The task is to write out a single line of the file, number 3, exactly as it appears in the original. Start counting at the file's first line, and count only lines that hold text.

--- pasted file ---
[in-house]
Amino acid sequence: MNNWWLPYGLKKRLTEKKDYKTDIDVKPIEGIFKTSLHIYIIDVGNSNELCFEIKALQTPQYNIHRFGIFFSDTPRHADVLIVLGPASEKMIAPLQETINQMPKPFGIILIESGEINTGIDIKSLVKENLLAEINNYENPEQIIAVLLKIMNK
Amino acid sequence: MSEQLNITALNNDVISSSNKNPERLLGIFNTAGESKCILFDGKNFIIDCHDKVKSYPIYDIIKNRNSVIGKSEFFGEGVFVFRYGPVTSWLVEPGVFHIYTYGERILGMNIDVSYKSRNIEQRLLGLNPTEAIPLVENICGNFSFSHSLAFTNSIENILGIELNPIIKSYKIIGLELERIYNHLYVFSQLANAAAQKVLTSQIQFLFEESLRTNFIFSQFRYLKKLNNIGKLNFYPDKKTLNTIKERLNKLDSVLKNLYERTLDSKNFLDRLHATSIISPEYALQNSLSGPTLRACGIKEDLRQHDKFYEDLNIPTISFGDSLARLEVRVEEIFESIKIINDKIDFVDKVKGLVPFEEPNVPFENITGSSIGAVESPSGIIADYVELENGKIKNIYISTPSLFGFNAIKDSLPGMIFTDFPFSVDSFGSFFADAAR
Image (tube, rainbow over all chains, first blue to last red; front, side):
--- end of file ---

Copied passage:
Amino acid sequence: MSEQLNITALNNDVISSSNKNPERLLGIFNTAGESKCILFDGKNFIIDCHDKVKSYPIYDIIKNRNSVIGKSEFFGEGVFVFRYGPVTSWLVEPGVFHIYTYGERILGMNIDVSYKSRNIEQRLLGLNPTEAIPLVENICGNFSFSHSLAFTNSIENILGIELNPIIKSYKIIGLELERIYNHLYVFSQLANAAAQKVLTSQIQFLFEESLRTNFIFSQFRYLKKLNNIGKLNFYPDKKTLNTIKERLNKLDSVLKNLYERTLDSKNFLDRLHATSIISPEYALQNSLSGPTLRACGIKEDLRQHDKFYEDLNIPTISFGDSLARLEVRVEEIFESIKIINDKIDFVDKVKGLVPFEEPNVPFENITGSSIGAVESPSGIIADYVELENGKIKNIYISTPSLFGFNAIKDSLPGMIFTDFPFSVDSFGSFFADAAR